"A Good Man is Hard to Find"
In Flannery O'Connor's "A Good Man is Hard to Find," O'Connor uses a gruesome and violent situation to reveal the true nature of her characters. In some cases, the natures of her characters are duplicitous to their initial descriptions in the first half of the story and in others, they stray very little from what is understood of them in the beginning. It can be argued that "A Good Man is Hard to Find" is duplicitous in its own right, beginning with a comical look at a manipulative, meddling grandmother and her family on what at first seems like a light-hearted story of a family road trip but that transitions into a horrific and deadly last scene (Stephens 360). At any rate, the Grandmother, Bailey and his wife, and even the Misfit are not thoroughly characterized until confronted with the last violent situation of the story. As O'Connor has stated before, "It is the extreme situation that best reveals what we are essentially" ("On Her Own Work" 340), and it is an extreme situation that in the end reveals the true depth, or lack thereof, in each of her characters. In the first half of the story, O'Connor uses verisimilitude in her characterization of Grandmother. Like many stereotypical grandmothers, she is talkative, proper, and often reminiscent of better times
"In my time
children were more respectful
People did right then" (O'Connor 600). When it comes to women, she values all things feminine. In a sentence following the description of her dainty clothing worn for the road trip that not only characterizes Grandmothers' views on women but also foreshadows events to come, it is mentioned that "In case of an accident, anyone seeing her dead on the highway would know at once she was a lady." (O'Connor 599). She is quick to correct not only her spoiled, rambunctious grandchildren but also the parenting of her son Bailey and his wife. Through an act of attempted manipulation and also more foreshadowing, she tells Bailey of traveling to Florida that she wouldn't take her children in any direction with a criminal like the Misfit on the loose and that she could not answer her conscience for it (O'Connor 599). In all early incidences Grandmother, though often annoying and sometimes selfish, is not far from what the reader may know of their own grandmothers. It is through this use of realism in her initial description that the reader most identifies with her (Stephens 359). After the family's accident and the turning point of the story, true to her character, it is the Grandmother who makes the blustering comment that she recognizes one of the men that confronts the family after their crash as the Misfit. Right away, she becomes as lady-like as ever as she asks the Misfit as she cries, "You wouldn't shoot a lady, would you?" (O'Connor 604) and she continuously explains to the Misfit how he must be "a good man at heart" (O'Connor 605). While her intentions may be unclear (whether she was trying to save her own life, the soul of the Misfit, or both) she continuously urged the Misfit to "pray, pray, pray, pray" (O'Connor 606). This urging by Grandmother for the Misfit to pray parallels with O'Connor's deeply religious Southern roots infused into many of her stories (Drake 347). As is the nature of many grandmothers to make people feel special and wanted, that's how Grandmother spent her very last moment, telling the Misfit that he was one of her "babies," one of her "children" (O'Connor 607) and reaching for him. In the face of such a dangerous situation, although partially her own fault, Grandmother remains ladylike and as poised as can be expected as her character fluctuates very little, remaining consistent with the qualities she was first introduced with, if not more likable and less troublesome. Certainly Grandmother identifies with the second of the two kinds of people her close friend Merton identifies her with writing about: "the rural kind: furious, slow, cunning,...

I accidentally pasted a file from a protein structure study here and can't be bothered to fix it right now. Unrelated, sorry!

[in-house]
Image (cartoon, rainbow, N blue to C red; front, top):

Please join StudyMode to read the full document